Gentrification looms like an unsightly landmark in cities from Dallas to Austin to Houston and elsewhere in the nation. By either definition or intent, gentrification often triggers a struggle to balance the needs of current residents with the desire of developers, municipalities and corporations.
While new, affluent residents and visitors rave about must-visit restaurants, artsy boutiques, upscale housing and dog parks, many low-income residents who already call the neighborhood home can’t assume they’ll benefit from the burst of growth and amenities.
Current homeowners can anticipate that they may struggle to keep their homes, and renters can brace themselves for the possibility of exploding rents or the demolition of their apartment complexes if developers decide to raze older, existing buildings so they can construct upscale townhouses and condos with features home buyers covet.
Over time, the trendy replacement overshadows remnants of the old neighborhood, which seems quaint with the grittier signs of urban life tamed and painted. It’s a familiar pattern. At Dallas Leadership Foundation, we know from the 11 neighborhoods we serve that gentrification and the issues surrounding the phenomenon is something Dallas-area churches can’t ignore.
State Rep. Eric Johnson (D-Dallas) and Dallas City Council member Scott Griggs last week co-authored an op-ed about House Bill 2480, a bill that addresses gentrification and could help longtime residents in gentrifying areas like West Dallas, one of the city’s hottest areas for redevelopment. Johnson also was featured in an NBC 5 story about the bill, which, if passed, could go into effect in September.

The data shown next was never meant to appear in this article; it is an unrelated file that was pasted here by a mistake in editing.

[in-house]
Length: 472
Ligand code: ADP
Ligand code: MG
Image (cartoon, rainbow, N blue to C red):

Fresh, comprehensive ideas are needed as the city’s challenges keep compounding. Earlier this month, D Magazine reported that Dallas ranked among the nation’s worst when it came to offering affordable housing. D Magazine cites a National Low Income Housing Coalition report that says only 19 low-income housing units are available locally for every 100 renters. Exacerbating the problem is that Dallas has one of the highest poverty rates in the nation and is car-dependent in many areas. Transportation expenses add more financial pressure on families who already pay steep housing costs on a tight family budget.
Gentrification and sustained investments in existing neighborhoods for current residents are issues that congregations can’t hope away. Why? Ministry happens first on the streets before it occurs in sanctuaries, and hands-on, let’s-make-it-happen ministry is needed in Dallas’ neighborhoods. For instance, lending a hand to small neighborhood associations painting houses, improving streets and picking up litter can be an incalculable gift to a community. Supporting small congregations that stretch every day to help their neighborhoods benefit enormously from philanthropic-minded people who provide resources small churches can’t access.
That’s why Dallas Leadership Foundation and six core churches launched Transform Dallas, a citywide workday. We believe Christians can lead by serving when they tackle citywide challenges like gentrifying neighborhoods and provide solutions. Our hope is that churches throughout Dallas view these challenges as divine opportunities to demonstrate that Jesus cares about the heavenly destination of human beings as well as living conditions in their neighborhoods here on earth.
To learn more about Transform Dallas and opportunities to volunteer or donate for this event on Saturday, April 8, visit dlftx.org/transformdallas.
Published on March 29, 2017 @ 1:33 PM CDT